That point didn’t matter, though, because of where Trump’s arguments went next. Right after he tried to argue that the Saturday statement had accused both sides of being at fault solely because he didn’t at the time know enough to pin the blame on the Klan and the Nazis, he then explicitly defended the aims of the original protest — and suggested that the counterprotesters were equally at fault!
“You had a group on one side that was bad and you had a group on the other side that was also very violent,” Trump said. “And nobody wants to say that, but I’ll say it right now. You had a group on the other side that came charging in without a permit, and they were very, very violent.”
Later, Trump repeated the same argument.
“You had a group on one side and you had a group on the other, and they came at each other with clubs and it was vicious and it was horrible,” he said. “And it was a horrible thing to watch. But there is another side. There was a group on this side, you can call them the left. You’ve just called them the left — that came violently attacking the other group. So you can say what you want, but that’s the way it is.”
This glosses over the question that his first statement raised, though, which was how he felt about the far-right and racist groups that spurred the demonstration in the first place. Those who engaged in violence on Saturday were certainly culpable, but the looming question was whether Trump felt that Nazis and people protesting those Nazis were otherwise equivalent. Such equivalence would suggest that racism and an embrace of Adolf Hitler have a place in America’s political conversation.
Trump gave every indication that he thought that equivalence existed.
“I’ve condemned neo-Nazis,” he said. “I’ve condemned many different groups. But not all of those people were neo-Nazis, believe me. Not all of those people were white supremacists, by any stretch. Those people were also there because they wanted to protest the taking down of a statue, Robert E. Lee.”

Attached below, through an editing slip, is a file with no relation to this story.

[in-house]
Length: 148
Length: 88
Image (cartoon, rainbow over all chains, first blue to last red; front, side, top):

He made it clear that he supported that goal.
“So this week it’s Robert E. Lee,” he said. “I noticed that Stonewall Jackson’s coming down. I wonder, is it George Washington next week? And is it Thomas Jefferson the week after?” It should go without saying that there is a big difference between Washington’s ownership of slaves and Lee’s leading an army to defend the Confederacy’s insistence on maintaining the practice, but apparently it doesn’t. (In his statement on Saturday, Trump appeared to nod at this same point, saying Americans must “cherish our history and our future together.”)
That torchlight rally on Friday night, when protesters gave the Nazi salute, chanted “blood and soil” — a Nazi slogan — and “Jews will not replace us”?
“I looked the night before,” Trump said. “If you look, they were people protesting very quietly the taking down of the statue of Robert E. Lee. I’m sure in that group there were some bad ones. … But you had a lot of people in that group that were there to innocently protest and very legally protest, because you know — I don’t know if you know, they had a permit. The other group didn’t have a permit.”
Both sides, he said, had some “very fine people” participating Saturday.
After Trump’s initial statement on Saturday, white nationalist groups celebrated his positioning them on the same moral level as their opponents. For racists, that alone is a victory. After Tuesday’s news conference, he got another strong review in that vein.
It was indeed clear Tuesday that Trump’s honest opinion of what happened in Charlottesville was that David Duke and his allies were met by an equivalently immoral and un-American opponent.